wiping the memory of Australia's 48-6 win in Sydney three months ago. It
also continued the Kiwis' good record at North Harbour Stadium, where they
now have a 3-1 advantage over the Kangaroos."
- Rugby League: Kiwis win centenary test; Robert Lowe, New Zealand
Herald (Auckland), October 18, 2003.
"Stephen Fleming may be seeing
visions of making history by becoming the first New Zealand captain to win
a Test series in India, but his batsmen have already created another bit
of history at Mohali. When all-rounder Scott Styris completed his second
Test century this afternoon, it was the first time ever in India that the
top three batsmen of a side had scored a century in the same innings...
And given the way the Kiwis batted through the first two days, a draw
seems the most likely result."
- Kiwi batsmen create history; Harish Kotian, Rediff (India), Oct 17,
HAKA is a challenging chant and war dance now performed by New
Zealand's All Blacks rugby team before international games.
"Former All Black lock Robin Brooke has spearheaded an
internet campaign to take the haka to the world, as New Zealand's All
Blacks take it to the World Cup. Tourism New Zealand has launched the
history of the haka, including the most famous haka of all, Ka Mate, on
its website, newzealand.com... Brooke, who played 62 tests for the All
Blacks, said that although recent tradition suggested the haka was the
exclusive domain of men, legend and history reflected a different story,
and Ka Mate told of the power of female sexuality. The website also said
women not only participated in the haka, they led, dominated and danced in
the front ranks and carried weapons, often to protect the haka party."
- Jumping up and down about the haka; NZPA report in New Zealand Herald
(Auckland), Oct 14, 2003.
"Whitehaven's market place was brought to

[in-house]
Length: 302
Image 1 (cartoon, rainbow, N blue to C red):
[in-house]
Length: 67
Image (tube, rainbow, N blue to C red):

a standstill yesterday when the visiting New Zealand rugby league team
performed their legendary Haka. Shoppers watched with delight as the Kiwis
announced their colourful arrival with the traditional Maori war dance.
'It's very special to us. We don't treat it lightly and it's part of our
culture,' said Kiwi coach Gerard Stokes."
- A Haka Hello!, Martin Morgan, Cumberland News and Star (Carlisle,
UK), Oct 17, 2003.
MAORIS are members of a brown-skinned Polynesian people whose
ancestors first arrived in New Zealand in canoes,
from about 1150AD and in "a great fleet" in the 14th century, from Hawaiki, a
mythical land usually believed to be Tahiti.
"At another level, many of the indigenous Maori people
are concerned about the implication of the court for the Treaty of
Waitangi, the 1840 agreement between the Maori chief and white settlers
that allowed the settlers land while respecting the Maoris access to land
and its resources. In recent years, the Maoris have increasingly sought to
exercise such rights, but fear that the withdrawal from the Privy Council
will mean a rapid move to Republican status. The upshot, they fear, will
be the undermining of the Waitangi Treaty."
- New Zealand deciding on judges after dumping Privy Council; Jamaica
Observer (Kingston, Jamaica, West Indies), Oct 19, 2003.
"Resplendent in red, yellow and black, the Maoris startled and mesmerised
in the same breath....and the Puneri audience at the Namdeo Sabhagriha was
spell-bound. You see, the dancers of the Kahurangi Maori Dance Theatre (KMDT)
from Hastings, New Zealand, were in town to render a performance on
Monday, as part of the exchange programme with the Centre of Performing
Arts, Pune University. 'Depicting the Maori culture through song, dance
and language is our aim,' says director Te Rangi Huata."
- Maori Magnificence; Nisha Nambiar, India Express, Oct 14, 2003.
MOA was a New Zealand flightless bird resembling an ostrich. Sadly,
it's now extinct, although moa skeletons are displayed in museums.
"Throughout history, wherever people entered a virgin
environment, they immediately set about wiping out species, starting with
'the big, the slow, and the tasty.' One of the most interesting examples